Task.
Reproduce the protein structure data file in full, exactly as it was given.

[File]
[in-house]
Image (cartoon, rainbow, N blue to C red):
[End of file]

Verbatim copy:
[in-house]
Image (cartoon, rainbow, N blue to C red):